Appletons' Cyclopædia of American Biography/Calhoun, John Caldwell
CALHOUN, John C., statesman, b. in Ninety-six district, S. C., 18 March, 1782; d. in Washington, D. C., 31 March, 1850. His grandfather, James Calhoun, emigrated from Donegal, Ireland, to Pennsylvania in 1733, bringing with him a family of children, of whom Patrick Calhoun was one, a boy six years old. The family removed to western Virginia, again moved farther south, and in 1756 established the “Calhoun settlement” in the upper part of South Carolina. This was near the frontier of the Cherokee Indians; conflicts between them and the whites were frequent and bloody, and the Calhoun family suffered severe loss. Patrick Calhoun was distinguished for his undaunted courage and perseverance in these struggles, and was placed in command of provincial rangers raised for the defence of the frontier. His resolute and active character gave him credit among his people, and he was called to important service during the revolutionary war, in support of American independence. By profession he was a surveyor, and gained success by his skill. He was a man of studious and thoughtful habits, and well versed in English literature. His father was a Presbyterian, and he adhered to the religion of his fathers. In 1770 he married Martha Caldwell, a native of Virginia, daughter of an Irish Presbyterian immigrant, whose family was devoted to the American cause, and some of whom were badly treated by the tories. By heredity, John Caldwell Calhoun was therefore entitled to manhood from his race, to vigorous convictions in faith, and to patriotic devotion to liberty and right. He was early taught to read the Bible, and trained in Calvinistic doctrines; and it is said that he was also devoted to history and metaphysics, but was compelled to desist from study because of impaired health.
His father was a member for many years, during and after the revolution, of the legislature of his state, and his counsels made a deep impression on his son, though he died when the latter was thirteen years of age. The son remembered hearing the father say that “that government was best which allowed the largest amount of individual liberty compatible with social order,” and that the improvements in political science would consist in throwing off many restraints then deemed necessary to an organized society. Until Mr. Calhoun was ready for college, he was under the instruction of his brother-in-law, the Rev. Dr. Waddell, a Presbyterian clergyman, and went to Yale in 1802. He evinced great originality of thought, devotion to study, and a lofty ambition, which won him the honors of his class, and the prophetic approval of President Dwight in the declaration, after an earnest dispute with him on the rightful source of political power, that he would reach the greatest eminence in life, and might attain the presidency. He studied law with H. W. Desaussure, of South Carolina, for a time, but was graduated at Litchfield, Conn., and was admitted to the bar in 1807. He took part in a meeting of the people denouncing the British outrage on the frigate “Chesapeake,” and was soon elected to the legislature, and entered the house of representatives in November, 1811, in his thirtieth year. Few men were better trained for the career before him. Simple and sincere in his tastes, habits, and manners, strict and pure in his morals, and incorruptible in his integrity, severe and logical in his style, analytic in his studies, and thorough in his investigations, with a genius to perceive and comprehend the mass of elements that entered into the solution of the problems of our political life, and with a capacity for philosophic generalization of principles unequalled by any contemporary, he began, continued, and ended his life, in the manifestation of the highest qualities for debate, for disquisitions upon constitutional government and free institutions, for discussions on foreign relations, for the investigation of political and social economy, and for the conduct with ability of the general affairs and even for the details of departmental administration.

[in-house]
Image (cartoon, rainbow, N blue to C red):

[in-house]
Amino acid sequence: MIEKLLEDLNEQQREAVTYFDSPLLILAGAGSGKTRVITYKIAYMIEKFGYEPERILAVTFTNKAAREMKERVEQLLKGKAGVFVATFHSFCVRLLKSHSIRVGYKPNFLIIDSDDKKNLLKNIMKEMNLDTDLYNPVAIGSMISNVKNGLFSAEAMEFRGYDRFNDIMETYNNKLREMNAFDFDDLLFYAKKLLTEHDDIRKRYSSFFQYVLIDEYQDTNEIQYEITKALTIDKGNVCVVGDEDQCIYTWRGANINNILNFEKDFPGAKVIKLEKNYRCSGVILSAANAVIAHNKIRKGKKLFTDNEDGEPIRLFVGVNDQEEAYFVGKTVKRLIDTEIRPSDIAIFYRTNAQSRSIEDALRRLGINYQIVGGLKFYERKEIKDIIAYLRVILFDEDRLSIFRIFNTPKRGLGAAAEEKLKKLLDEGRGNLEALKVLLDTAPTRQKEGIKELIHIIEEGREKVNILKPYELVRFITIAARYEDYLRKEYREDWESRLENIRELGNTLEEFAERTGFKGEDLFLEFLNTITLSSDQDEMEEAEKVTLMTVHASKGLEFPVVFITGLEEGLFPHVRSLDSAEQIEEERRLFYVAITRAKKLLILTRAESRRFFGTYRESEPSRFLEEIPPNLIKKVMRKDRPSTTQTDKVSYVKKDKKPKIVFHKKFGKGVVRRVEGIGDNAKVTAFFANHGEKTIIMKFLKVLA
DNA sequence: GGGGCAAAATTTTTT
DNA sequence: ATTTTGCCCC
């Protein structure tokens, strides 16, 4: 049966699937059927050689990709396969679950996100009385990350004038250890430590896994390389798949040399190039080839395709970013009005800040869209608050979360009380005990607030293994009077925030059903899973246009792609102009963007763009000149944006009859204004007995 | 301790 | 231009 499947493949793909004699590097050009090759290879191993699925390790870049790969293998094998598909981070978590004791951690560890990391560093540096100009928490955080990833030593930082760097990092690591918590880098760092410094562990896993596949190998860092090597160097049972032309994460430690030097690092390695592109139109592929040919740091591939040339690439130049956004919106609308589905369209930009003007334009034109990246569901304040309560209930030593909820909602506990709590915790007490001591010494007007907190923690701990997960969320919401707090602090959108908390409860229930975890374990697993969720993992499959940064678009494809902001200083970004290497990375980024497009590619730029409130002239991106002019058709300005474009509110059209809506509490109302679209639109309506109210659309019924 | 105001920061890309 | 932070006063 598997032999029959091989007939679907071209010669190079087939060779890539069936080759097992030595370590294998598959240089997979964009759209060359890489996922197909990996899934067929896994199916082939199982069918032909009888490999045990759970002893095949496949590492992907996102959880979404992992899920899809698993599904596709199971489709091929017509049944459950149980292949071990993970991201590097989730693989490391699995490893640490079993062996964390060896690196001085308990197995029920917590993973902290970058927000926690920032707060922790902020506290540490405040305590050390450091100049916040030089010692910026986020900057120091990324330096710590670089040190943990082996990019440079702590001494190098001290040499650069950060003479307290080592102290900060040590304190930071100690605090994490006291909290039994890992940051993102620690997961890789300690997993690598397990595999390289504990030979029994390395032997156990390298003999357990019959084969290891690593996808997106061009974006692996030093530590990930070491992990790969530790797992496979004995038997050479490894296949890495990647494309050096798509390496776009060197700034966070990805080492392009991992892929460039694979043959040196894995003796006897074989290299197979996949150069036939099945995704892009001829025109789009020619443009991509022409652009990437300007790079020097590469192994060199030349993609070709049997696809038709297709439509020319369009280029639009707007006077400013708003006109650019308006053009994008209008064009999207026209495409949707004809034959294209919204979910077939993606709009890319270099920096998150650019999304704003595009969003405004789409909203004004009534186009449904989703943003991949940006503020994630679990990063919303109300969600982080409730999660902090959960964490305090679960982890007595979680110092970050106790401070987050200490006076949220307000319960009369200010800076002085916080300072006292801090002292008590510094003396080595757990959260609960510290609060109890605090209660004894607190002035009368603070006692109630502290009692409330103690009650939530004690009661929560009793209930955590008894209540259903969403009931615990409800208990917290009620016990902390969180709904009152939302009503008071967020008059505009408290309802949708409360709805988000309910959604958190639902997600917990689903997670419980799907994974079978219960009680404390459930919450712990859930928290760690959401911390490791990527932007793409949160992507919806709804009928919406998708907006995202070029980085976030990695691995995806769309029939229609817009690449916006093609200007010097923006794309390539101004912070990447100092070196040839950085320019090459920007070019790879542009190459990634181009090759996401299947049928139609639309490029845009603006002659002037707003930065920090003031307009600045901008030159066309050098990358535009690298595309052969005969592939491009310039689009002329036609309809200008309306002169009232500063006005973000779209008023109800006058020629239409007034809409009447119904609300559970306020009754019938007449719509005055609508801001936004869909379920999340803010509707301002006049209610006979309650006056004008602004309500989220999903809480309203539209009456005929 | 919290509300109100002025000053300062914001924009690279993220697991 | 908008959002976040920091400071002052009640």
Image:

When Calhoun entered congress, war with Great Britain was imminent. He was a member of the committee on foreign affairs. He drew a report which placed before the country the issue of war, or submission to wrong. He urged a declaration of war, and upheld the cause of his country with an eloquence that inspired patriotic enthusiasm, and with a logical force that gave fortitude and zeal to the army and navy as well as to the people. At the close of the war in 1815 the country was confronted with questions of currency, finance, commercial policy, and internal development, which offered to the genius of Calhoun fruitful subjects for his original and patriotic study. He pressed upon congress the bank bill, the tariff of 1816, and a system of roads and canals. On these questions he afterward modified his views very greatly, but defended his real consistency of thought, under the appearance of inconsistency, by saying that the remedies proper for one condition of things were improper for others. A question arose in the discussion of the act to carry into effect the treaty of peace, as to the relation of the treaty-making authority to the powers of congress. He maintained the supremacy of the treaty power; that it prevailed over a law of congress; and that congress was bound to pass a law to carry a treaty into effect. The celebrated William Pinkney, then in the zenith of his fame, declared that Mr. Calhoun had brought into the debate “the strong power of genius from a higher sphere than that of argument.” Its power was undoubted, though the truth of his theory may well be questioned.